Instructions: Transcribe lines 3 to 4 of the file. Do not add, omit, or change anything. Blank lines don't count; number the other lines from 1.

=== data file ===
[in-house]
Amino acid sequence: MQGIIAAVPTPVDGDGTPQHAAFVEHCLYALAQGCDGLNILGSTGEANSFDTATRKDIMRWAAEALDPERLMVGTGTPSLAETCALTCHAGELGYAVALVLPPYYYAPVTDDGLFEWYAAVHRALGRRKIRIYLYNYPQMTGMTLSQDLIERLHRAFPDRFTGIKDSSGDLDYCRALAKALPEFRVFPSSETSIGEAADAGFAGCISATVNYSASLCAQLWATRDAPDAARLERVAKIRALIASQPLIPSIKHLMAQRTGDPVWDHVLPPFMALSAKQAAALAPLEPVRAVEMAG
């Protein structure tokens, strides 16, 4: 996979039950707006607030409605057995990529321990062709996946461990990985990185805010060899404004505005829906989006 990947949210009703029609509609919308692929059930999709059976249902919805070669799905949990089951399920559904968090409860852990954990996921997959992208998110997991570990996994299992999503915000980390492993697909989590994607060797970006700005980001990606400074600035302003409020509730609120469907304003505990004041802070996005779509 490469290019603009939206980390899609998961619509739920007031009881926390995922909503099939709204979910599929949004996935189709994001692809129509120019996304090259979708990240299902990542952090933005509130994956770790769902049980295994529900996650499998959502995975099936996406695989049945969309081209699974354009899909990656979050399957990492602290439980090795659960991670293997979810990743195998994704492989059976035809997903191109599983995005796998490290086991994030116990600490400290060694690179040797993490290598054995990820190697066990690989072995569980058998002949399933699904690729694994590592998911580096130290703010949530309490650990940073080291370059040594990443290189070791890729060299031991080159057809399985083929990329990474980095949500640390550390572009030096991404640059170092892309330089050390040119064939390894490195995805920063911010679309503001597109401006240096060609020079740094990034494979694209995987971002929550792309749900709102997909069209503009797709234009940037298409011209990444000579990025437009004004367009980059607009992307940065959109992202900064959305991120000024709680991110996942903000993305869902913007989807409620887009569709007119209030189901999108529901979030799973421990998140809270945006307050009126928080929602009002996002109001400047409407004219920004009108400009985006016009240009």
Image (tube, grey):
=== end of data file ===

């Protein structure tokens, strides 16, 4: 996979039950707006607030409605057995990529321990062709996946461990990985990185805010060899404004505005829906989006 990947949210009703029609509609919308692929059930999709059976249902919805070669799905949990089951399920559904968090409860852990954990996921997959992208998110997991570990996994299992999503915000980390492993697909989590994607060797970006700005980001990606400074600035302003409020509730609120469907304003505990004041802070996005779509 490469290019603009939206980390899609998961619509739920007031009881926390995922909503099939709204979910599929949004996935189709994001692809129509120019996304090259979708990240299902990542952090933005509130994956770790769902049980295994529900996650499998959502995975099936996406695989049945969309081209699974354009899909990656979050399957990492602290439980090795659960991670293997979810990743195998994704492989059976035809997903191109599983995005796998490290086991994030116990600490400290060694690179040797993490290598054995990820190697066990690989072995569980058998002949399933699904690729694994590592998911580096130290703010949530309490650990940073080291370059040594990443290189070791890729060299031991080159057809399985083929990329990474980095949500640390550390572009030096991404640059170092892309330089050390040119064939390894490195995805920063911010679309503001597109401006240096060609020079740094990034494979694209995987971002929550792309749900709102997909069209503009797709234009940037298409011209990444000579990025437009004004367009980059607009992307940065959109992202900064959305991120000024709680991110996942903000993305869902913007989807409620887009569709007119209030189901999108529901979030799973421990998140809270945006307050009126928080929602009002996002109001400047409407004219920004009108400009985006016009240009």
Image (tube, grey):